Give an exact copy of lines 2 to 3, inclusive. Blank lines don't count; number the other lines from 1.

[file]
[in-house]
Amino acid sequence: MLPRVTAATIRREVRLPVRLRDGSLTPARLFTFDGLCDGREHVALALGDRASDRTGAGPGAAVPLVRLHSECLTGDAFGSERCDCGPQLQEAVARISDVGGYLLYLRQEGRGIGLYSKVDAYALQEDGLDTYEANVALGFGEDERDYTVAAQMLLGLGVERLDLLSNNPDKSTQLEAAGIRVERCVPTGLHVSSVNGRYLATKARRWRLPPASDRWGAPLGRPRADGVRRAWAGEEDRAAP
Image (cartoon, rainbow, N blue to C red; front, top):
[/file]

Amino acid sequence: MLPRVTAATIRREVRLPVRLRDGSLTPARLFTFDGLCDGREHVALALGDRASDRTGAGPGAAVPLVRLHSECLTGDAFGSERCDCGPQLQEAVARISDVGGYLLYLRQEGRGIGLYSKVDAYALQEDGLDTYEANVALGFGEDERDYTVAAQMLLGLGVERLDLLSNNPDKSTQLEAAGIRVERCVPTGLHVSSVNGRYLATKARRWRLPPASDRWGAPLGRPRADGVRRAWAGEEDRAAP
Image (cartoon, rainbow, N blue to C red; front, top):